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The Capital of Rape: Fighting Widespread Sexual Violence in the Democratic Republic of the Congo

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Congolese women walk past one of four tanks stationed—along with soldiers—in the area to preserve order in the wake of a contested presidential election in November. Photo by Junior D. Kannah/APP/Getty Images

Rape has become a tragic fact of life for many women in the Democratic Republic of the Congo. Human rights experts say sexual violence has been one of the defining characteristics of the brutal conflict that erupted in the DRC in the mid-1990s, when a civil war in neighboring Rwanda spilled over its borders. Estimates put the death toll in the DRC as high as 5.4 million people, making it the deadliest conflict since the end of World War II. Various peace accords have been brokered starting in 2003, but the violence has persisted, especially in the eastern part of the country.

The United Nations estimates that some 500,000 people have been raped or subjected to sexual violence since the conflict erupted in 1996. Some attacks have targeted boys and men, but the vast majority of victims have been women and girls. A paper published last year in the American Journal of Public Health suggests that the incidence of rape in the DRC is even higher than the U.N. estimates and spreading beyond conflict zones.

“Regardless of the victim’s gender, rape is used as a weapon of war,” states an article by Michael Maya on the website of the ABA Rule of Law Initiative. “It has proven to be remarkably effective, destroying not only the lives of its victims but also their families and sometimes entire villages. Particularly in the case of girls and women, rape survivors are frequently rejected by their families and communities,” states Maya, the initiative’s deputy director. He directed its programs in Africa from July 2007 until February 2011.

A growing concern is that rape and other types of sexual violence are becoming more prevalent throughout the DRC. “Initially, rapes were almost entirely restricted to conflict zones and committed by armed combatants,” states Maya in his article. “With each passing year, however, more and more rapes are being committed by civilians, some of whom are former soldiers who continue to rape upon returning to their villages and cities as noncombatants.” Sexual violence between intimate partners also appears to be on the rise.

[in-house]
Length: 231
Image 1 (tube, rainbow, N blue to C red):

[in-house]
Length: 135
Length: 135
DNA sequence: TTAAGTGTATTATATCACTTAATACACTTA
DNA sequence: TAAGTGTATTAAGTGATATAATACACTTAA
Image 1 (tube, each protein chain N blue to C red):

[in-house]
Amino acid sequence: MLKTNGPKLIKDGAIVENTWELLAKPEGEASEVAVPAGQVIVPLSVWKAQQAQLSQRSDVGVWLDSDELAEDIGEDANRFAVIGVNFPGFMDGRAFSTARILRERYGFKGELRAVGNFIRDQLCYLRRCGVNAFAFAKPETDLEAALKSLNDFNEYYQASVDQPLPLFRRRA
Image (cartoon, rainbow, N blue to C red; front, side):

By and large, the perpetrators carry out their attacks with impunity. Very few rape survivors ever see their attackers apprehended, prosecuted or punished.

“Rape has become almost pandemic, and there is a culture of violence,” says Amii Omara-Otunnu, executive director of the Institute of Comparative Human Rights at the University of Connecticut in Storrs. “A pathology like this spreads in places where you have a demise of the rule of law and a collapse of the education system. The antidote is to have effective institutions promoting the rule of law.”

The ABA Rule of Law Initiative is a key player in the international effort to reverse these patterns in the Democratic Republic of the Congo. Over the past few years, the initiative has been building a series of programs aimed at creating support services for survivors of rape and other forms of sexual violence, educating the public, and bringing perpetrators to justice.

“Congo is the site of the largest rape crisis in the world, and one of our largest and most complex systems of programs,” says Rob Boone, ABA ROLI’s director. “To have any trial, the survivors have to be willing and able to identify their assailants. To effect change, it is critical that we work in a multidisciplinary way so that survivors have the support of not just legal professionals but other professionals who can help them.”

This approach is consistent with the initiative’s mission to help strengthen the rule of law as the most effective way of combating poverty, reducing corruption and ending disregard for human rights. The initiative sponsors legal reform programs in more than 50 countries around the world. These programs put an emphasis on strengthening local institutions and supporting the efforts of local judges, lawyers, administrators and legislators.

In the DRC, for instance, ABA ROLI maintains legal clinics in 16 towns in three provinces, each of which uses an “integrated holistic model” by partnering with local hospitals and social service providers. In Africa, the initiative also maintains programs in Liberia and Mali.